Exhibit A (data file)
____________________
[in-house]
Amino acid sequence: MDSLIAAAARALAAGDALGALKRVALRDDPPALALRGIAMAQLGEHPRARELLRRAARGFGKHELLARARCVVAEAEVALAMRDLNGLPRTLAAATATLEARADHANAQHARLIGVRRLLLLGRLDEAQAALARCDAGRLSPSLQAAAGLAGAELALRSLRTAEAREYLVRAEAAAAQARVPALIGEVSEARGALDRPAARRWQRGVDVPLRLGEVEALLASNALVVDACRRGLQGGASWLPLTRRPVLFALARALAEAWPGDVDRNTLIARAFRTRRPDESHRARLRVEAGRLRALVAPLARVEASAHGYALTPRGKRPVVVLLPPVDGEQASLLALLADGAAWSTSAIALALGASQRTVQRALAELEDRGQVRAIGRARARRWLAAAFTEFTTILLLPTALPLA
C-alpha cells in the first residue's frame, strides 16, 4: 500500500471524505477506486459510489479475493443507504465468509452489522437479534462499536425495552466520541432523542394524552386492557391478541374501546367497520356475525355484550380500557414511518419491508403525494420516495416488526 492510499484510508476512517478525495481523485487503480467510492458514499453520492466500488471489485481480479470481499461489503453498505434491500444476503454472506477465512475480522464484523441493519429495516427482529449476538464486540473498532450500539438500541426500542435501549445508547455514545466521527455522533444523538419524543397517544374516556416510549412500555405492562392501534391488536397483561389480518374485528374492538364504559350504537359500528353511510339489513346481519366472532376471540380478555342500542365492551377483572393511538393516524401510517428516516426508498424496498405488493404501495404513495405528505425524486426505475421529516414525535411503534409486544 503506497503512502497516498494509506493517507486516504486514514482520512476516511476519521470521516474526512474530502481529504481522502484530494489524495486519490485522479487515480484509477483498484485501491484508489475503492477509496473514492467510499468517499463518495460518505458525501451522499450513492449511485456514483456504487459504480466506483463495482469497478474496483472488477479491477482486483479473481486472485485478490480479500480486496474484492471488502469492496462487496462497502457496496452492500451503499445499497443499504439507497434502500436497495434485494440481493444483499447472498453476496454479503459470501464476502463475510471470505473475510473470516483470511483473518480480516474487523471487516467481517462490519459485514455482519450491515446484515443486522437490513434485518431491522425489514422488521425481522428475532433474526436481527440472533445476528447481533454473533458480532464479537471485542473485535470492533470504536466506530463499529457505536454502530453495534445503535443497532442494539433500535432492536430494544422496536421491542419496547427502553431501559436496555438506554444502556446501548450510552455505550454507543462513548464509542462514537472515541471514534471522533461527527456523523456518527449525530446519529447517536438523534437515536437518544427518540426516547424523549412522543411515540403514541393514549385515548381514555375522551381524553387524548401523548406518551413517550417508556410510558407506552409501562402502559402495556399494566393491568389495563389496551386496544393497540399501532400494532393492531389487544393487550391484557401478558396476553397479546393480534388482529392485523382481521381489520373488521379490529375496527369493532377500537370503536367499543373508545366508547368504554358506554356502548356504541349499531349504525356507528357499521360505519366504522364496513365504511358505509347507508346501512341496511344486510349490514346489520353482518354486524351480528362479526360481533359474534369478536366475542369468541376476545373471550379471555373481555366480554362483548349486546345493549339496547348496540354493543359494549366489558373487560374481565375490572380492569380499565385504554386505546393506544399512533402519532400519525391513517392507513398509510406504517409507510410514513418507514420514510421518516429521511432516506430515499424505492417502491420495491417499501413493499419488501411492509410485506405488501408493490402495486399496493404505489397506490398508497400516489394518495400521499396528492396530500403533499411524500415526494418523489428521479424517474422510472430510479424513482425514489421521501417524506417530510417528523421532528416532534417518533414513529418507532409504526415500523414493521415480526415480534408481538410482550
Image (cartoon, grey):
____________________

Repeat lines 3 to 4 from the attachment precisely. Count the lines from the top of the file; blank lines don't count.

C-alpha cells in the first residue's frame, strides 16, 4: 500500500471524505477506486459510489479475493443507504465468509452489522437479534462499536425495552466520541432523542394524552386492557391478541374501546367497520356475525355484550380500557414511518419491508403525494420516495416488526 492510499484510508476512517478525495481523485487503480467510492458514499453520492466500488471489485481480479470481499461489503453498505434491500444476503454472506477465512475480522464484523441493519429495516427482529449476538464486540473498532450500539438500541426500542435501549445508547455514545466521527455522533444523538419524543397517544374516556416510549412500555405492562392501534391488536397483561389480518374485528374492538364504559350504537359500528353511510339489513346481519366472532376471540380478555342500542365492551377483572393511538393516524401510517428516516426508498424496498405488493404501495404513495405528505425524486426505475421529516414525535411503534409486544 503506497503512502497516498494509506493517507486516504486514514482520512476516511476519521470521516474526512474530502481529504481522502484530494489524495486519490485522479487515480484509477483498484485501491484508489475503492477509496473514492467510499468517499463518495460518505458525501451522499450513492449511485456514483456504487459504480466506483463495482469497478474496483472488477479491477482486483479473481486472485485478490480479500480486496474484492471488502469492496462487496462497502457496496452492500451503499445499497443499504439507497434502500436497495434485494440481493444483499447472498453476496454479503459470501464476502463475510471470505473475510473470516483470511483473518480480516474487523471487516467481517462490519459485514455482519450491515446484515443486522437490513434485518431491522425489514422488521425481522428475532433474526436481527440472533445476528447481533454473533458480532464479537471485542473485535470492533470504536466506530463499529457505536454502530453495534445503535443497532442494539433500535432492536430494544422496536421491542419496547427502553431501559436496555438506554444502556446501548450510552455505550454507543462513548464509542462514537472515541471514534471522533461527527456523523456518527449525530446519529447517536438523534437515536437518544427518540426516547424523549412522543411515540403514541393514549385515548381514555375522551381524553387524548401523548406518551413517550417508556410510558407506552409501562402502559402495556399494566393491568389495563389496551386496544393497540399501532400494532393492531389487544393487550391484557401478558396476553397479546393480534388482529392485523382481521381489520373488521379490529375496527369493532377500537370503536367499543373508545366508547368504554358506554356502548356504541349499531349504525356507528357499521360505519366504522364496513365504511358505509347507508346501512341496511344486510349490514346489520353482518354486524351480528362479526360481533359474534369478536366475542369468541376476545373471550379471555373481555366480554362483548349486546345493549339496547348496540354493543359494549366489558373487560374481565375490572380492569380499565385504554386505546393506544399512533402519532400519525391513517392507513398509510406504517409507510410514513418507514420514510421518516429521511432516506430515499424505492417502491420495491417499501413493499419488501411492509410485506405488501408493490402495486399496493404505489397506490398508497400516489394518495400521499396528492396530500403533499411524500415526494418523489428521479424517474422510472430510479424513482425514489421521501417524506417530510417528523421532528416532534417518533414513529418507532409504526415500523414493521415480526415480534408481538410482550
Image (cartoon, grey):